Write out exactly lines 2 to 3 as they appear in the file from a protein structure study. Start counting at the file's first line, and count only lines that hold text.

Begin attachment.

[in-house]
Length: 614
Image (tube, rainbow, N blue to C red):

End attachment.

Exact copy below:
Length: 614
Image (tube, rainbow, N blue to C red):